Yesterday we took a bus trip to the country of Montenegro.  It took about 45 minutes to get to the border of this country then another hour or so to reach our first destination.  At one point along the way, we were less than one mile from the Bosnian border.  I feel pretty ignorant because I had no idea that Bosnia is actually part of Europe; the country is working towards being part of the European Union.

The drive to Montenegro was beautiful. If you look at the picture, we started at point A and drove to point B. We started off driving along the steep and curvy Adriatic Highway, high up on a mountain that overlooked the sea.  While driving, there were times I felt a little bit anxious/nauseous because when you looked down, there were only inches between the bus and the edge of the mountain.  We had thought about renting a car for this trip and I quickly became thankful that we decided to take a bus and let someone who knows these roads do all the driving.  Once we were further away from the coast, the scenery changed to cypress trees and vineyards.  The mountains were lush and green instead of bare limestone like they are in Dubrovnik.

The tour guide shared that the abundance of cypress trees stems from hundreds of years ago when fathers were responsible for planting 100 cypress trees when their daughters married.  The wood from these trees was then used to make boats and other necessities.  When we passed through customs in Croatia, we were literally in what is known as “no man’s land” for a couple of miles before we reached the Montenegrin border.  This is because the second largest canyon in the world (the first being the Grand Canyon) cuts through here making it impossible to build a border.

Montenegro is the third youngest country in the whole world. The country declared its independence from Serbia in 2006.  Tourism comprises 80% of the Montenegrin economy.  The average salary for a person in Montenegro is 400 Euro (approx. $487) per month.  Therefore, the prices in this country are much lower than the countries surrounding it.  We found the food there to be even cheaper than it is here in Croatia.

Our first stop in Montenegro was for a photo opportunity of Sveti Stefan island.  The scenery was breathtaking.  The lush mountains cradled the blue water of the Adriatic.  It looked like the inside of a painting.  After this stop, we were on our way to the city of Kotor.  Kotor is old.  The first mention of Kotor was way back 168 BC during the Ancient Roman times.

Kotor is very similar to Dubrovnik with a gorgeous old town and a harbor.  However, it was over 100 degrees yesterday and very humid.  There was also very little shade, so while the old town was very beautiful, I know that I did not soak up all the beauty and/or pay as much attention to the history as I usually do because I was literally melting.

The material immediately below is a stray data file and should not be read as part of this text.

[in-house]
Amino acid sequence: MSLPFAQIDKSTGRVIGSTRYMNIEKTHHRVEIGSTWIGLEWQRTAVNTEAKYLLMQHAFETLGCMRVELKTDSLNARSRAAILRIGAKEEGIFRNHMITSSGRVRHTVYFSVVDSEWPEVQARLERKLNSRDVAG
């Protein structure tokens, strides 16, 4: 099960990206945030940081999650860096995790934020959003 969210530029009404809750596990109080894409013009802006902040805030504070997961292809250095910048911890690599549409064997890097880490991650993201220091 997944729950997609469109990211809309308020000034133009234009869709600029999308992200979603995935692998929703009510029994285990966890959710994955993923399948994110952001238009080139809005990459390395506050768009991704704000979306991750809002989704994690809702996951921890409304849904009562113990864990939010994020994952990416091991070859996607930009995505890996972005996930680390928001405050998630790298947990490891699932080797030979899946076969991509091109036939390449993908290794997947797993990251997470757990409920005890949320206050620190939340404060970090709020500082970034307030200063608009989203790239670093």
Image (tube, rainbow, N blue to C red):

After Kotor, we set off to Budva.  On our way there, we were stuck in traffic for over 1.5 hours due to a fatal car accident that took place earlier in the afternoon.  While I was very glad to be alive and safe, air conditioning in Eastern Europe is nothing like air conditioning in the US.  We were in what seemed like the middle of a desert with the relentless sun beating into the already hot bus.  At one point, in my head, I began rationing how much water I had and calculating how long I thought I could survive in the intense heat. Thankfully we were not stuck in traffic as long as earlier tours were.

While Kotor is old, Budva is even older.  So old that it was mentioned in Greek mythology.  Today it is becoming a popular beach and party destination.  There were several multimillion dollar yachts parked in the harbor.  The old town was the smallest old town we have seen on this trip.  We enjoyed dinner by the sea then we meandered around old town before hopping on the bus and traveling back to Croatia.  Unfortunately, we did not get a stamp in our passports.

Croatia (at least Dubrovnik) seems much more aesthetically advanced than Montenegro.  Montenegro looks very post communism with the majority of the buildings being ugly grey concrete buildings.  The concrete apartment buildings are over ten stories high and very visually unappealing.  However, since Montenegro is such a young country and quickly becoming a popular tourist destination, I am sure that in the next ten years it will look completely different.

Today we walked along the Walls of Dubrovnik.  This was probably my most favorite activity that we have done here.  Even though it was super hot and we went in the middle of the day, the views were spectacular and well worth withstanding the heat, humidity and the sun.  It was also fascinating to think of all the history that unfolded right where we were standing.  The most obvious sign of what Dubrovnik has been through was the bright orange tiled roofs among the very old roofs.  Every place with an organe tiled roof was destroyed or damaged during the early 90s.  It is amazing how fast this city has rebuilt and rebounded from a terrible time in history.

Tomorrow is our last full day in Dubrovnik.  We have decided that we have seen what we wanted to see in the city. Our plan is take a ferry to Lopud Island which is about an hour away.  Lopud Island actually has sandy beaches which will be a nice change from the variety of pebble, concrete and limestone rock beaches we have been lounging on throughout the week.